September 26, 2018  •  3 min read

From Lehman's to Brexit - DC Advisory's ten years in the North-West

Manchester was the cradle of the industrial revolution. Despite being 26 miles inland, Manchester Docks were once the third busiest in the country. The Labour party was founded here. Rolls and Royce met here, as did Marx and Engels and Marks and Spencer. The co-operative moment was founded here, as was the Women’s Suffrage movement. Manchester saw the world’s first passenger railway station, the first NHS hospital, the invention of the computer and the splitting of the atom. Graphene was discovered here, winning the Nobel Prize for Physics in 2010.  That’s why DC Advisory opened our first UK office outside London here.

In August 2008…

… we opened our doors for the first time, with optimism but some nervousness.  It was evident as 2008 unfolded that the UK’s long economic boom was coming to an end – Northern Rock and Bear Stearns had already failed and the financial system was clearly under pressure.  However, what was not clear was just how severe the economic downturn would be.

Six weeks after we opened our office, Lehman Brothers collapsed into bankruptcy.  One of the oldest, largest and most prominent investment banks in the US had been allowed to go bust and the Global Financial Crisis began in earnest. The FTSE100 suffered its worst ever year in 2008, ending 31% down and it was to fall another 21% until it bottomed out in 2009 as the markets worried about whether the whole financial system would collapse.  The Bank of England base rate stood at 5% at the time of Lehman’s failure – by March 2009 it been reduced to 0.5%, an unprecedented fall.

Boom turned to bust…

…and arguably has turned to boom again – the tough years immediately post Lehman have been forgotten.  Despite the continuing backdrop of austerity, M&A has surged in the last 5 years.  Cheap and easily available money, spurred by the impact of nearly £450 billion Quantitative Easing, is driving asset prices seemingly ever higher.  The FTSE100 reached a record high this year, M&A volumes and values are at or near record highs, leverage multiples and associated terms are at a peak and the amount of money raised by private equity is also at record highs. Across the M62 corridor there are now more than twenty private equity firms with a base in the region, employing more than 100 investment professionals, and this region saw M&A deal value reach nearly £13bn in 2017.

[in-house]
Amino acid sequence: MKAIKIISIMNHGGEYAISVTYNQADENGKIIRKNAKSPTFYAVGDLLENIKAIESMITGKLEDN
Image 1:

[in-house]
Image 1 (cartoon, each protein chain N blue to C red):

As we near 2019…

…we are once again optimistic, but with some nervousness.  In June 2016, the UK voted to leave the European Union. Article 50 was triggered in March 2017 and in March 2019 the UK will exit the EU.  As yet, the future arrangements with the EU are not finalised, but the way in which the UK finds its new place in the World will be the defining feature of the next 10 years.  This kind of change can be difficult, but it will also create lots of opportunity for the North West and companies based here.

It may sound trite to say it, but the continued dominance of Manchester in the English Premier League has helped and should continue to do so. Whatever your personal allegiances, the global success of the EPL, the American ownership of Manchester United and the Abu Dhabi ownership of Manchester City keeps our region in the forefront of global consciousness.

The UK will have to increasingly look eastward and Manchester is uniquely placed to take advantage of these opportunities.  The City’s relationship with China is growing strongly – the Manchester China Forum has now been running for 5 years, in 2015 President Xi visited our City and there are now regular direct flights to China from Manchester – and already the Chinese have invested nearly £4bn into Manchester’s infrastructure.  Japan’s relationship with Manchester is long-standing, and many notable Japanese companies have investments in the North West.

The North West has truly shaken off its post-industrial hangover. From 2002 to 2015, Manchester experienced population growth of 149% in the city centre and jobs growth of 84% from 1998 to 2015, according to a report by Centre for Cities. The regeneration of the Northern Quarter, the ongoing regeneration of Ancoats and New Islington, the changes at Sportcity, the development of the Metrolink network and Manchester Airport – all of these things put Manchester on an incredibly strong footing to continue to be the heart of the UK outside London.

For the M&A market…

…the next 10 years is almost certain to be dominated by increasing cross-border M&A (both inbound and outbound), and by businesses taking advantage of the great defining trends of our time – technology; connectivity; and an ageing population.  Advisory firms need to be set up to deal with clients’ requirements over the coming decade – at DC Advisory we have invested significantly with our parent company, Daiwa Securities of Japan. We have done our own M&A, buying one of the pre-eminent technology M&A boutiques in the USA, Signal Hill, and bringing it into our US firm – DCS Advisory. We have formed key strategic alliances in China, Australia and South America.  We are building up our team in London and Manchester.  Our business now has an outstanding global footprint ready to help our clients meet the challenges and opportunities of the next ten years. We are looking forward to it.

We’d like to thank you all for your support over the last decade and look forward to working together to make the next 10 years as great a success.

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